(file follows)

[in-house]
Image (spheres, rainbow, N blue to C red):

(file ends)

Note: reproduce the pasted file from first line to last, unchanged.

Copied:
[in-house]
Image (spheres, rainbow, N blue to C red):